LDP’s vague nuclear energy policy

In their policy agreement, the Liberal Democratic Party and its coalition partner Komeito have failed to declare that they will aim to eventually end nuclear power generation in Japan. They have agreed only to gradually decrease Japan’s reliance on it, without indicating the year in which all of Japan’s nuclear power plants should stop operating.

Komeito’s campaign pledge for the Dec. 16 Lower House election had said that the party will endeavor to achieve “zero nuclear power” as soon as possible.

The agreement shows that because public opinion on ending nuclear power generation is so strong that the LDP-Komeito coalition cannot ignore the call. But it is so vague that the coalition could be said to be trying to postpone ending nuclear power generation indefinitely. The coalition should present a clear timeline to end Japan’s reliance on nuclear power and make concrete efforts to realize it.

In its election campaign pledge, the LDP adopted a vague attitude toward nuclear power generation. It said that within 10 years, it will establish the best sustainable mix in the composition of power generation; it avoided giving detailed explanation on its position on nuclear power generation.

The LDP should squarely look at the plight caused by the catastrophe at Tokyo Electric Power Co.’s Fukushima No. 1 nuclear power plant. It contaminated vast areas with radioactive substances, making them uninhabitable. Some 160,000 local residents still cannot return to their homes.

LDP governments since the 1960s have promoted nuclear power generation under the myth that it is safe. The LDP should realize that this policy culminated in the Fukushima nuclear tragedy. It also should sincerely listen to the voices of Fukushima residents who are still forced to live as evacuees due to the nuclear disaster.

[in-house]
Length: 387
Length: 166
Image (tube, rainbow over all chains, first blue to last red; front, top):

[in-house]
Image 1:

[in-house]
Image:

A 56-year-old woman said: “Not many years are left for my life. I do not want to waste my life through prolonged living in a prefabricated house.” A 46-year-old woman said: “Stress caused physical problems and I had to stop working. I want to go back to my home if possible. I am very worried about my father, who is living with me in a fabricated house.”

During the election campaign, LDP chief Mr. Shinzo Abe criticized the Democratic Party of Japan’s call for ending nuclear power generation by the 2030s, saying that the DPJ policy is irresponsible. Yet, if nuclear power generation resumes, radioactive waste storage facilities at nuclear power plants will be full in several years. In addition, the technology to safely store high-level radioactive waste on a permanent basis does not exist. Moreover, active faults have been found beneath or very near several nuclear power plants. Given these factors, continuing to rely on nuclear power seems more irresponsible. The LDP should not forget the dire consequences caused by the Fukushima nuclear disaster. In addition, the development of renewable energy sources could stimulate local economies.

The LDP should not assume that its victory in the Dec. 16 election means that people have given carte blanche to its nuclear power policy.